Spyros also claimed to have filmed the cameraman’s statement, not Santilli. He said it was not supposed to be released. Spyros travelled to Los Angeles and found a tramp, paid him $500 and asked him to read lines as they filmed him. The tramp turned out to be a former actor and delivered his lines brilliantly. The statement was filmed in normal light, but Spyros turned down the brightness in editing. He knows the name of this tramp and the films he has appeared in. Santilli and Shoefield do not have this information.
A lively question and answer session ensued, with some members of the audience becoming vocally upset by Melaris’ claims. Spyros said that he is concerned that because of his film that any genuine footage would be dismissed, but he is optimistic that by proper analysis, the matter of authenticity could be discovered for any piece of film.
Asked if he was acting as a ‘double bluff’, or not being who he says he is, Spyros answered by saying that he did make the film and that he has lots of inside information that only those involved would know. He also has documents relating to the production of the film, such as developing lab receipts.
Asked if he had any familiarity with the I-beams described by other Roswell witnesses, particularly Jesse Marcel Jr., Spyros said that he had no familiarity with them and that the ‘language’ on the pieces of debris in his film was totally invented by himself. One word was VIDEO and another was FREEDOM. He wrote a full back-story for the aliens, describing their appearance, their world and their language.
How much money did Santilli make? Melaris said that ray had told him that they had made very little money and that people were bootlegging the video. Spyros later found that Santilli and Shoefield had made millions out of the film. Some members of the audience became very angry and yelled at Spyros. He apologised if anybody felt conned, but he had set out to make a film, an illusion. He hadn’t even considered the feelings of the UFO community at the time.
Michael Hesemann asked how he knew of certain information from the cameraman’s statement that only came to public light after the release of the film. This included the story of a fireball seen over Roswell on May 31st, 1947. Spyros said he had no knowledge of this and that that piece of information came from Ray Santilli, not him. Michael was clearly unimpressed with Spyros Melaris, something he would confirm to me in private later.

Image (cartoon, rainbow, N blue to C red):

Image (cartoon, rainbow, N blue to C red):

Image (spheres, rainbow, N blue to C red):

This brought the morning’s lectures to a close and a buzz of adrenaline-fuelled excitement permeated the conference hall. During lunch, Spyros had many people around him, asking questions and probably demanding answers. Is this man telling the truth? I guess we will find out and be assured that UFO Data Magazine will bring you any news about this explosive development.
After everybody had calmed down after lunch, Russel Callaghan spoke of the evolution of UFO Data Magazine.
After UFO Magazine closed, Russ felt that some form of magazine be made available to those interested in UFOs. He helped Gary Heseltine start UFO Monthly.com and later set up UFO Data with Michael Buckley and Philip Mantle. It soon became clear to him that people wanted a physical magazine to hold and that was when UFO Data Magazine was born. The first year it was printed at UFO Data’s office in Kippax using high-quality, colour laser printers. Then a risk was taken to have the magazine professionally produced at full size and in a glossy format. It was a huge risk, as the magazine is subscription-based and having full colour, glossy magazines printed is not inexpensive. The subscribers list has grown, though, and Russ is optimistic that one day UFO Data Magazine will appear on the newsstands.
Russ was proud to announce that Gary Heseltine has joined with UFO Data as co-editor of the magazine and this can only mean the mag will go from strength to strength. Russ also gave thanks to our cover artist, Rob, who is currently unwell and our thoughts and best wishes go out to him.
On to video footage, for which Russ is famous for presenting, he said that the internet is both a boon and a minefield for UFO footage. Each genuine clip on sites like YouTube is accompanied by dozens more hoax clips. Some of these are astonishing to watch, such as the recent Haiti clip and YouTube is replete with many such hoaxes.
Russ talked about some of the articles that have appeared in the magazine, such as the F-15 encounter with a strange object over the UK earlier in the year. The audio clip from the pilots was played and it’s impressive stuff.
Thanks were also given to contributor such as our resident astronomer, Andrew Pike, and regular columnist, Nick Pope. Both regularly supply excellent articles that are enjoyed by all of our readers.
We were also reminded of the bright object that was seen over Leeds in February, 2007. It was captured on a mobile phone video and shown on BBC television. A superb photograph was snapped by Sacha Christie and included in the magazine. One explanation was that it was a sundog, an effect of sunlight refracting through ice particles in the atmosphere. This doesn’t seem to be the case as it was in the wrong position in the sky. RAF Fylingdales was contacted and Squadron Leader Darling was asked if anything had been detected by their sophisticated equipment that day. She said that nothing had been picked up and they had no idea what is in the photograph. A genuine UFO!
Some clips were played, including the famous Haiti hoax, a video of some spheres, an arrow-shaped UFO which is probably a hoax and a recent clip from the BBC in which, unknown to the Beeb, Israeli F-16s appear to be sharing the sky with two other disc- or cigar-shaped objects.